Step 26: Quick Test (Again)

Use the power of the Dark side or electricity and charge up the batteries. On the first picture you can see that I charged up my battery pack using a small variable power supply. After 2 hours the battery was charged up with 400mA charging current.

If your droid is ready try it out. Put the head on the ball then try to control with the phone. First time was tricky, but after about five minutes was very easy. The head moved very

Step 27: Adding Some Extra Weight for Better Steering

As you see a took some metal srews and simply glued on the electronics. Now my spere will move little bit faster, and it's much more easier to steer.

Step 28: Preparing for Paint

On this hamster ball were a lot of holes to ensure enough fresh air or the pet, but we don't need these holes now so I simlply neautralyzed them using some ductape. Worked well!

Step 29: Painting

I took apart the board then I painted the entire chasics with a white paint spray. That was easy but I needed to paint two times to fix the errors caused by the ductspe. So remove the ductape, fill the holes woth silicon (from glue gun) then paint again.

Note: The painting was the hardest part for me, but I fixed everything while working. So I survived...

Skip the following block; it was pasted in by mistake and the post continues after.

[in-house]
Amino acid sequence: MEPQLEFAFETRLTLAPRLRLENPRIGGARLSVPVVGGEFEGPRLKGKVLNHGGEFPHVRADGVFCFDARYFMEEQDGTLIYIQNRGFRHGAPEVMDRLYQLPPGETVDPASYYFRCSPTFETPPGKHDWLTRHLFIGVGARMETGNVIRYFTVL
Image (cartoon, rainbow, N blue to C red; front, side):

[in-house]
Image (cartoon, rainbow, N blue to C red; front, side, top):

Step 30: The Pattern

Download the attached .pdf file then print it on a self-adhesife plastic sheet just like me. I haven't at home a paper like this, so I went to the local printer office and I printed the patterns for about 0.8 bucks. After printing take a cutter or scrissors and cut every single part. Of course you'll need all six circles.

Step 31: Gluing the Pattern

When you are done with the cutting put the patterns on the droid. I cut every circles in four parts to beware the creases.

Step 32: The Eyes

Using some styrofoam I made the two eyes and paintend them with a black paint spray. They look pretty nice.

Step 33: The Head Pattern

First glue the eyes on the head. Use super glue. I painted the remaing self-adhesive paper with orange and grey colors. Using a calliper I made the patterns that were needed for the head. Using a cutter I tried to cut perfect these patterns.

Step 34: Decoration of the Head

Put the grey circle on the head then using a marker make some lines on it.

Step 35: Still Decorating...

I think this step doesn't need any extra explanations, just follow the pictures. I used two small white straws as antennas.

Step 36: Details on the Body

With a marker I made dottles and the lines that were on BB-8. Then I used a brush to make the lines paler to earn a dirty effect. In the movie he was very dirty.